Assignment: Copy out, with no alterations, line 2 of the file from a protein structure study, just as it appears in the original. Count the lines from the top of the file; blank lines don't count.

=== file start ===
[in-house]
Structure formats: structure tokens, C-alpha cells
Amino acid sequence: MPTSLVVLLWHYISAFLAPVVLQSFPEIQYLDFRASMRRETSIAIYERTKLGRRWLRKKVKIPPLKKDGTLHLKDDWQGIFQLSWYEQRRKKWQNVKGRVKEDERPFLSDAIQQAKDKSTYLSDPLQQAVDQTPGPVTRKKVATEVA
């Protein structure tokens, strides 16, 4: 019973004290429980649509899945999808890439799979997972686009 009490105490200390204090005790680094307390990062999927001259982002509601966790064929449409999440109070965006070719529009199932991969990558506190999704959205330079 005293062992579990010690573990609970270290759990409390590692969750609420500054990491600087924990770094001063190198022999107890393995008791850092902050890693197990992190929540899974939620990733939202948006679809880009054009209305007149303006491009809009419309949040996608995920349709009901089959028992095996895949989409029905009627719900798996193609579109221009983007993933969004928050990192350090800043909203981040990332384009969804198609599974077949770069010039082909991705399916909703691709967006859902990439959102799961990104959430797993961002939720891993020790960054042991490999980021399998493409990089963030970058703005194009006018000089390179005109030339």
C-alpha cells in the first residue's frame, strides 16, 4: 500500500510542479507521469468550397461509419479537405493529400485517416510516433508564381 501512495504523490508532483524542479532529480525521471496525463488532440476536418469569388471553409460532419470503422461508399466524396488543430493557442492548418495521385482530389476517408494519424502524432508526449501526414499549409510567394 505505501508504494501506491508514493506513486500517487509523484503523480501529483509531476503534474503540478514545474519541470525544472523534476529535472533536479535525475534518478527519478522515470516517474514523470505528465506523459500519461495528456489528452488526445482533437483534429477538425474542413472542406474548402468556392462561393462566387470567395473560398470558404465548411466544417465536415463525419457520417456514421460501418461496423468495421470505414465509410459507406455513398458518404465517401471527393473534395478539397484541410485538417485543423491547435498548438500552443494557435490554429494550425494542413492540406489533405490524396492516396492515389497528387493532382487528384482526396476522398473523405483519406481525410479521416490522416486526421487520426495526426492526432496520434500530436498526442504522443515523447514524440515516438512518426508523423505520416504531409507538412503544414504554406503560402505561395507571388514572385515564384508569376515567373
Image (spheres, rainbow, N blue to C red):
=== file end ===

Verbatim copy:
Structure formats: structure tokens, C-alpha cells